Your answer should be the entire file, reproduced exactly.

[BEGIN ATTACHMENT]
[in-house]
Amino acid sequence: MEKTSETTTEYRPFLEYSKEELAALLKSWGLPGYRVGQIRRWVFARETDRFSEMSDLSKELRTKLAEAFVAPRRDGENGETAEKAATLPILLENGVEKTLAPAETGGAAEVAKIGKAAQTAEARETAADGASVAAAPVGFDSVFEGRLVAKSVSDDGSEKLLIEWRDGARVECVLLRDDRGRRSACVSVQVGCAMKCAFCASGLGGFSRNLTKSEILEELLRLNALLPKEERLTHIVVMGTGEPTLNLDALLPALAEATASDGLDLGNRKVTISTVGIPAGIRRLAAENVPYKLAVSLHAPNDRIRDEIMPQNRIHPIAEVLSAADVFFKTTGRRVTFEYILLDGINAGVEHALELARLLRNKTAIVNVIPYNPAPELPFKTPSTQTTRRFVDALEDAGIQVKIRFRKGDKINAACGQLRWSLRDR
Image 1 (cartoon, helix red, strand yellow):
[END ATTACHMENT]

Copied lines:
[in-house]
Amino acid sequence: MEKTSETTTEYRPFLEYSKEELAALLKSWGLPGYRVGQIRRWVFARETDRFSEMSDLSKELRTKLAEAFVAPRRDGENGETAEKAATLPILLENGVEKTLAPAETGGAAEVAKIGKAAQTAEARETAADGASVAAAPVGFDSVFEGRLVAKSVSDDGSEKLLIEWRDGARVECVLLRDDRGRRSACVSVQVGCAMKCAFCASGLGGFSRNLTKSEILEELLRLNALLPKEERLTHIVVMGTGEPTLNLDALLPALAEATASDGLDLGNRKVTISTVGIPAGIRRLAAENVPYKLAVSLHAPNDRIRDEIMPQNRIHPIAEVLSAADVFFKTTGRRVTFEYILLDGINAGVEHALELARLLRNKTAIVNVIPYNPAPELPFKTPSTQTTRRFVDALEDAGIQVKIRFRKGDKINAACGQLRWSLRDR
Image 1 (cartoon, helix red, strand yellow):